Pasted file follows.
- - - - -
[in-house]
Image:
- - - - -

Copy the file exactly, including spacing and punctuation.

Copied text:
[in-house]
Image: